January 26, 2012
neighbors and being involved in our community is of the utmost
importance. Some community events that might be of interest to you and
your family are listed below.
Theatre: The Sequel!
Danceworks, Inc. (MAP)
1661 N. Water Street
A Wrinkle in Time
January 27-February 19
She is an outcast at
school, her father is missing and the town thinks her brother is some
sort of freak. Meg Murry is angry at a world that makes no sense to her.
But when a strange visitor arrives at her family’s home on a dark and
stormy night, she embarks on a wild journey through space and time to
rescue her father from the evil forces that hold him prisoner on another
planet. Do not miss this production sure to propel your imagination on
the journey of a lifetime.
Milwaukee Youth Arts Center (MAP)
325 W. Walnut Street Milwaukee, WI 53212
This week we review the policies laid out in Governor Walker's state of the state address by examining not only what was said, but also what was ignored.
As usual, please feel free to contact me with any questions, concerns or opinions you may have about our community or our state.
The State of the State is Divided
A pivotal opportunity was missed in the governor's State of the State address delivered this past Wednesday to honestly speak to the problems plaguing Wisconsin and admit that the divisive policies that have been pursued have failed. Unfortunately, instead of taking responsibility for dragging our state in the wrong direction, Governor Walker's speech reinforced that he is clearly out of touch with the reality most Wisconsinites are experiencing and has every intention of continuing to create division in our state through his extreme ideological agenda.
While the governor may continue painting the picture that everything is rosy in the state of Wisconsin, the numbers do not lie. If you have any doubt that Wisconsin is headed down a dangerous path, just take a look at our monthly job losses. Wisconsin has experienced six consecutive months of job loss for a total loss of over 35,000 jobs, while neighboring states that have worked in less divisive ways have seen job gains.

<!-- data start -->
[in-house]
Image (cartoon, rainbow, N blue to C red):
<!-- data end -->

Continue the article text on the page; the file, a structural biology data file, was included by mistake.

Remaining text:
Listed below is what we need from our governor in order to get our state moving forward:
The state of the state is divided. Wisconsin deserves better. Traditionally, it has been the Wisconsin way to put our partisanship aside in troubled times to get things done. We need our governor to join us in reviving this tradition.
Getting Wisconsinites to Work
My Democratic colleagues and I will
soon be introducing the
Workforce Mobility Act, legislation to provide workers in
communities across Wisconsin reliable, accessible transportation to
In his budget, Governor Walker chose to decrease funding for public transit by 10 percent and eliminate $77 million from shared revenue to local governments in order to fund $2.3 billion in tax breaks for large corporations. As a result, local governments have been forced to shift funding, raise fares, change or eliminate routes, and reduce vital services.
Many of these changes will be seen by
riders in our own community this month. On January 1 of this year, the
Milwaukee County Transit System was forced to increase fares for